Despite the fact that the United Arab Emirates (UAE), the host of the upcoming United Nations climate change negotiations in Dubai, has called for the phase-out of carbon emissions while continuing to produce fossil fuels, a long-time observer of such talks predicts that carbon sequestration will take centre stage in December.
Carbon sequestration, or the technique of capturing and storing atmospheric carbon dioxide (CO2), will be the focus of COP28, according to Professor Robert Stavins, who delivered the inaugural Albert Winsemius Lecture at Nanyang Technological University (NTU) last Tuesday.
"It implies, I believe, renewed attention to carbon capture and storage, carbon capture and utilisation, as well as direct carbon removal from the atmosphere, which is extensive in the UAE, as well as geoengineering such as solar radiation management."
"Now, if that happens, it would be controversial," noted Prof Stavins, a Harvard environmental economist who has participated in global climate summits for the past 15 years. Before the COP28 discussions, there were major divides among states about how to address global warming.
Some wealthy Western governments and climate-affected island nations are banding together to phase out fossil fuels, while resource-rich countries such as the UAE have advocated for the continued drilling and mining of fossil fuels that have caused climate change.
However, carbon capture, utilisation, and storage (CCUS) technologies, which address CO2 emissions from power production and industrial processes driven by fossil fuels or biomass, have made little development, according to the International Energy Agency (IEA). There are already 35 commercial capture facilities in operation worldwide, with none in Singapore.
The aggregate yearly CO2 capture capacity of around 45 million tonnes is a small fraction of the world's 36.8 billion tonnes produced in 2022. The IEA also stated that plans are in place to establish further CCUS projects. Since January 2020, more than ten projects in Indonesia, Malaysia, and Thailand have been announced, with a combined capture capacity of roughly 15 million tonnes of CO2 per year by 2030.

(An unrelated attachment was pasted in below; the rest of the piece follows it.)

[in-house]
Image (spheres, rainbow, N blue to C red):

Prof Stavins told The Straits Times that in the cost-benefit analysis on naturally sequestering carbon by planting trees in forestation efforts, "while biological sequestration of carbon could be more cost-effective than other forms of emission mitigation in many cases, arable land for food production would be sacrificed as trees are planted instead, and this could gradually tip the balance towards increased cost."
This comes as the Ukraine war, now in its second year, has kept global food prices higher than usual, even after falling from record highs in early 2022, according to a March study from the International Monetary Fund.
Companies are increasingly using carbon credits to offset their emissions, and countries can meet their own emissions reduction targets by sponsoring carbon projects in other countries. However, several forest-based carbon programmes have been chastised for claiming to have avoided emissions when there was no real threat of deforestation.
Prof Stavins, who wrote the Intergovernmental Panel on Climate Change's second, third, and fifth assessment reports, raised the issue of carbon credit quality at a discussion last Wednesday at NTU.
"I am extremely sceptical of forestry credits because we don't know if we're getting anything extra from them, and the comparison is made with a hypothetical of what would have happened otherwise." And that is a hypothetical that is both unnoticed and unobservable. That is a problem." He cited the European Union as a big purchaser of credits, primarily from China and Brazil.
"As a result of the credit, the EU was able to avoid reducing emissions as they would have otherwise." However, it is unclear whether emissions reductions went beyond what would have occurred in those countries," he noted. "In other words, as a result of the credit, your emissions increased." So that was a major issue."
Singapore is home to the Climate Action Data Trust, a World Bank-backed carbon credit data sharing network that, among other things, helps address the issue of double counting and assist in scaling up carbon markets.